Section E was much indebted to Professor Daniel Wilson, of Toronto, for many excellent speeches. We are glad also to be able to find a full and original report of the excellent speech on Archæ. ology made by Mr. George Tate, the well-known antiquary and geologist, and active Secretary of the Berwickshire Naturalists' Field Club. To the character of the speeches generally we will quote the words of the esteemed President, who said, “I have been a member of the Association from its foundation, and I must say that I never presided on any occasion on which there have been such numerous audiences, and so many admirable discussions. I may add, that I have never presided on any occasion on which I have seen so much good feeling exhibited, not only by persons around me on this platform, but by all those who have taken part in the proceedings.” These were Sir R. Murchison's parting words to the Section, and we must now close our report. The Association has sustained a very severe loss in being deprived of the valuable services of Professor Phillips, who has from the commencement of the Association been its most energetic and able manager. A universal feeling of regret is felt throughout the Association at his loss. We hope he may long live to enjoy his well-earned popularity, and that his example will be the means of inducing his successors to follow in his disinterested and impartial footsteps. We believe that universal satisfaction is felt at the selection of Sir Charles Lyell as President for the ensuing year. Anthropologists have especial reason to be satisfied, for no one has of late years done more for the progress of Anthropological science than Sir Charles Lyell. We were glad to see him in Section E this year, and hope that for the future we shall see him far oftener. Everything bids fair to make the next meeting at Bath successful. We trust that during the time that will elapse before the meeting, Anthropologists will bestir themselves to bring all their forces together, and thus help to secure the formal recognition of Anthropological science by the Association. We understand that notice has been given by Dr. Hunt, that Section E shall for the future be devoted to “Geography, Ethnology, and Anthropology." A general rumour prevailed that there was to be a sub-section especially devoted to Anthropology. We think, however, that an increase of the number of sections is objectionable, and we see no necessity for such a division. As an independent journal, devoted to Anthropological science, we shall feel it our duty to advocate a union of Anthropology with the present Geographical and Ethnological section.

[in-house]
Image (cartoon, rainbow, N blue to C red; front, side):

Only a few months have elapsed since the Anthropological Society of London announced that they intended publishing a translation of the first volume of “Waitz's Anthropology of Primitive Peoples," and now, just as we go to press, the volume is issued to the Fellows. We shall only be able to give a short outline of the first impression which the work has made on us. In the first place, we must say that the rapid manner in which the book has been produced is most creditable to the Society, and especially to the editor, Mr. Collingwood. We hope this good example will be followed by other editors of works which are announced to be published by the Society. The Anthropological Society, if they had done nothing else, and should now cease their labours, would have effected very much for Anthropological science. Therefore, for the first time in the history of British scientific literature, we have a compendium of modern Anthropological science. It is almost enough to shame our national pride to think that such a york should not come from one of our own countrymen; and yet, with all the merits of this work, we still see that a German alone could have written it. Its very value for anthropological students consists in its defects. Many will take the book up and ask, “Is the author a Monogenist or a Polygenist?But, we are glad to say, they will have to read the book before they will get their curiosity gratified. Nothing will help to do away more effectually with that shallow school of thought, which makes all science relating to man resolve itself into a solution of the problem of man's origin. This volume will help to put the science of Anthropology in a proper light before the scientific men of this country. It is a matter of amazement to find that the science of Anthropology is only just receiving a recognition from men of science. We may not agree entirely with the exact position which he assigns to Anthropology, but we cordially endorse his statement that “it is requisite to declare in this place, once for all, that Anthropology is to be considered as an empirical science, because its subject, Man, is only known to us empirically, and hence it is requisite to study man by the same method which is applied to the investigation of all other natural objects.”

The author has traced the gradual rise of Anthropological science, and the different meanings which have been attached to Anthropology, and very properly limits the sphere of this science, and shows VOL. I.-NO, III.